The Defense Ministry has reinforced the equipment and training of the Navy's units in charge of defending global oceans from pirates after they successfully rescued a Korean freighter from Somali pirates in the Gulf of Aden in January last year.
The Navy has now supplied UDT/SEALs with a device that shoots a projectile attached to a rope at the upper deck or a protruding part of the vessel, making it easier for commandoes to board. In the past, the Navy's special forces only had rope guns, which made climbing arduous.
During the Somali pirate operation, commandos approached the freighter by inflatable and used a folding ladder to climb the ship.
The UDT/SEALs will also use new German-made HK416 rifles, which have an effective range of 350-400 m and are capable of firing up to 700 rounds per minute. They have also been supplied with portable reconnaissance endoscopes that allow them to look inside ship compartments.
The windshields of the Lynx helicopters on the destroyers of the Cheonghae Unit was replaced with bulletproof glass, and the body reinforced with bulletproof steel plate.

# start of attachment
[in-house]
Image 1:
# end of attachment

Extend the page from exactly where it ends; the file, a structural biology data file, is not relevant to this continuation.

Combat training was also stepped up. "All UDT/SEALs deployed at the Cheonghae Unit are counterterrorism experts," a Navy officer said. "For three months before they leave for the Gulf of Aden, they practice subduing pirates with rifle and sniper training and firing shoulder-launched anti-aircraft missiles using a mock freighter as a target."
"Thanks to the successful mission in the Gulf of Aden, the number of recruiting applications for the Navy UDT/SEAL has more than doubled, and the status of our country's special forces has risen overseas," the officer added.